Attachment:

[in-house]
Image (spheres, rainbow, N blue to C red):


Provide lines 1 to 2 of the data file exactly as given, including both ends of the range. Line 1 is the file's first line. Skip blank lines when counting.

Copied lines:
[in-house]
Image (spheres, rainbow, N blue to C red):